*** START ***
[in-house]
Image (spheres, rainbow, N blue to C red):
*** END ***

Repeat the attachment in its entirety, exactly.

[in-house]
Image (spheres, rainbow, N blue to C red):